The final type of learner in this model is the reflector. They learn by observing and reflecting on experiences. Watching other riders and videos of themselves will help this type of learner learn the correct movement. When teaching these types of learners it’s useful to discuss the exercise, have them ride it, and then discuss their performance before they try again.

There is also the VAK learning style model; some of which are related to the above styles. Visual learners like to watch, and observe others before trying out at exercise; akin to reflectors. Auditory learners learn by listening to explanations like theorist learners. Finally, kinaesthetic learners learn best by doing, in a similar way to activists.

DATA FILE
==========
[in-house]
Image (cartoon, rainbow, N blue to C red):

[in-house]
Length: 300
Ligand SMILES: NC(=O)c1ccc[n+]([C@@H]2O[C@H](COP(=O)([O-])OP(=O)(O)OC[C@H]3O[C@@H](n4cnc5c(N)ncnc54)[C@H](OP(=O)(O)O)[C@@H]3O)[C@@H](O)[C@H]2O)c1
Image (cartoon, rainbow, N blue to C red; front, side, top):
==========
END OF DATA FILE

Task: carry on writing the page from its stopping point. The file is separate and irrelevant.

In private lessons an instructor can adapt their teaching style to that of the client, but it’s far harder in group lessons when you have several styles of learner. So each exercise needs to be taught with an element of each learning style. 

I read somewhere that knowing your own learning style can help improve your way of coaching. So I had a bit of a think, but I’m not sure where I best fit. I often like to get involved with a job, or learning. But only when it’s something I’m familiar with, e.g. Horse riding. If I took up skiing lessons I wouldn’t feel confident enough to get stuck in, and would prefer to watch others first. Which is a reflector style of learning. Then I read that your learning style can evolve as you gain more knowledge, experience and I guess confidence. So perhaps I began life as a reflector, but then developed into an activist at some point. However I do like to learn the theory; but I think I like to learn the theory as I go along rather than at the beginning of a lesson… Really, I’m not sure where I fit in, but I think I can identify with each style.